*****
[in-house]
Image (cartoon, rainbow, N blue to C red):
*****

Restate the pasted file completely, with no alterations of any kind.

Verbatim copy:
[in-house]
Image (cartoon, rainbow, N blue to C red):